Patient tissue collection and information
Twenty pairs of CRC tissues and adjacent tissues were obtained from the Eastern Hepatobiliary Surgery Hospital. All patients had not received radiotherapy or chemotherapy, and all patients voluntarily signed informed consent before surgery—sample inclusion criteria: confirmed by two pathology experts independently. The clinicopathological information of the patients was abundant. No preoperative radiation, chemotherapy history. Exclusion criteria: lack of clinical information; lack of control; small tumor; insufficient sample size. The sample tissue was at once treated with liquid nitrogen and stored in the refrigerator at −80 °C. The study was approved by the Ethics Committee of the Eastern Hepatobiliary Surgery Hospital (No.: IRB-GY-2019-07) and in line with the Declaration of Helsinki (as revised in 2013). Informed consent was taken from all the patients.
Cell culture and transfection
Cells were purchased from the American Type Culture Collection (ATCC, Manassas, VA, USA). Cells were cultured in DMEM high glucose medium (Gibco, Life Technologies, Rockville, MA, USA) containing 10% fetal bovine serum, or in 1640 medium (Gibico, USA) containing 10% fetal bovine serum at 37 °C and 5% CO2, and all were in a logarithmic growth stage. si-NC, si-circBACH1, NC vector, vector-circBACH1, mimics-NC, let-7a-5p mimics, inhibitor-NC, let-7a-5p inhibitor, sh-NC, and sh-CREB5 were designed and synthesized by Genepharma. Then cell transfection was conducted according to the specification of Lipo2000 (Life Technologies, Rockville, MA, USA) for 48 hours.
Lentivirus infects cancer cell lines
Lentivirus expressing circBACH1 shRNA and the negative control were cloned into pLenti-EF1a-EGFP-F2A-Puro (Biovector Inc.). Briefly, the packaged plasmid pSPAX2 and pMD2G and the prepared recombinant lentivirus plasmid were transfected with Lipofectamine 2000, and the fresh complete cultured group containing 10% FBS was replaced 6 h after the staining. The screening medium was prepared by diluting puromycin with the medium by gradient, and the screening medium was changed every 2 to 3 days. The cells were cultured to logarithmic growth stage and 100 µL of lentivirus diluents were added to each well. After 72 h of infection, the percentage of fluorescent cells in each well was observed under a fluorescence microscope. At 24 h after infection, the virus-free adaptive culture medium was replaced, and the culture was continued at 37 °C for 24 h. The uninfected cells were screened by purinamycin resistance.
Cell apoptosis after different treatment was tested using the annexin V-fluorescein isothiocyanate Apoptosis Detection Kit I (BD Biosciences, San Jose, CA, USA) and assessed by fluorescence-activated cell sorting (FACS).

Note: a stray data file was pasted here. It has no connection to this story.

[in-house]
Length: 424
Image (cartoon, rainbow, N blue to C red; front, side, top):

After 24 hours of transfection, the cells were digested by trypsin to make a cell suspension. A mixture of Matrigel (Life Technologies, Rockville, MA, USA) and serum-free medium was added to the Transwell chamber. After the Matrigel solidified, the cell suspension was added to the Transwell upper chamber (Millipore, Billerica, MA, USA). RPMI-1640 medium holding 10% FBS was added to the lower chamber. The cells were cultured at 5% CO2 and 37 °C for 48 hours. Then Matrigel was removed with a cotton swab. The cells attached to the back of the filter membrane were fixed with 4% paraformaldehyde for 10 min and stained using 0.1% crystal violet for 30 min. Take pictures under a microscope.
When the confluence of the cells reached 95%, 200 µL of pipette scratches were used. After 48 hours, three visual fields were randomly selected by microscopethe and relative migration distance of the cells was determined.
Xenograft tumor model
Male nude mice aged 4–6 weeks were selected from Beijing Vital River Laboratory Animal Technology Co., Ltd. (Beijing, China). The LoVo cells were digested with trypsin. After centrifugation, the second supernatant was discarded, and the cells were diluted with PBS to support the cell concentration at 1×107/mL. Then cells were aspirated by syringe and inoculated into the armpit of the right forearm. Tumor volume in mice was measured daily. After three weeks, the mice were anesthetized with pentobarbital sodium and sacrificed using a CO2 release device. Tumor tissue was collected, and the tumor weight was weighed after taking photos. Experiments were performed under a project license (No. IRB-GY-2019-1012) granted by Ethics Committee of the Eastern Hepatobiliary Surgery Hospital, in compliance with Eastern Hepatobiliary Surgery Hospital guidelines for the care and use of animals.
Tumor tissue specimens were immobilized with 10% neutral formalin. Immunohistochemical staining was performed by the SABC method in 4 µm continuous sections. All sections were routinely dewaxed, rinsed with PBS, and incubated at 3% H2O2 at room temperature for 10min to inactivate endogenous peroxidase. Citric acid is heated for antigen repair. Normal goat serum is sealed. The primary antibody was added in drops and incubated at 4 °C overnight. Then, biotinylated secondary antibodies and peroxidase-labeled antibodies were dropped and washed with PBS. DAB is used for color development and hematoxylin contrast dyeing. PBS was used as the negative control instead of the primary antibody.
Double luciferase reporter gene assay
According to TargetScan prediction of the suggested potential binding site information, the DNA fragment containing this site (WT) and the DNA fragment containing this site mutant (MUT) were synthesized. We cloned the double luciferase augmenter vector. The plasmid was co-transfected with let-7a-5p mimics—cultured for 48 hours in a 37 °C incubator with 5% CO2. The double luciferase reporter assay kit was used for detection. Wash the cells with PBS three times, add PLB lysed cells, and shake them in a shaker for 30 minutes. Cell lysis solution and LAR II mixed blowing, measuring the firefly luciferase reaction intensity. Add Stop&Glo Reagent to measure the reaction intensity of sea kidney luciferase.